thunk!
An arrow hit the tree beside me, barely missing my shoulder. I pushed onward, panting now. Fear surged through me in a red-hot tide.

“We've got to get away!” Hana gasped.

“We should climb up,” Tatsuya said, “into the trees.”

“But Manabu can't climb,” I reminded him. “He's only got one arm.”

“I'm sorry,” Tatsuya said, casting Manabu an embarrassed glance. “I forgot.”

Manabu shrugged.

“We can help Manabu,” Hana said, coming to an abrupt halt beneath a tall, thick pine tree.

I rammed my sword back into its scabbard and pushed up my sleeves. “You first,” I said to Hana. “We'll pull Manabu up behind us.”

Together we shinned up into the ancient tree, found a firm foothold, and then leaned back down to help the manservant. “Hurry,” Hana urged. “I can hear the soldiers coming.”

Manabu and I locked our hands around each other's wrists. He climbed quickly, using his feet like a monkey's while I bore his weight. Hana reached down and grasped him beneath the armpit, hauling him up with all her strength. Her hair had come loose, and it swung like a length of black rope over one shoulder as she leaned down.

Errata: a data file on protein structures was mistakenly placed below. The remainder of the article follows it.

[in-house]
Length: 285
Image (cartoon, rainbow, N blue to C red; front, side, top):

A crashing sound carried toward us through the forest, and a hoarse shout reverberated across the pine-scented gloom.

“Hurry, Tatsuya,” I whispered. “They're so close.”

Tatsuya's face appeared just below Manabu's left foot. “Higher,” he whispered back, his face tense. “We need to go higher.”

Hastily we climbed farther up into the tree. Branches swayed above my head, trembling and dipping beneath our weight. Far below, I heard the soldiers coming through the ancient forest. They were moving slowly, stealthily, their weapons at the ready.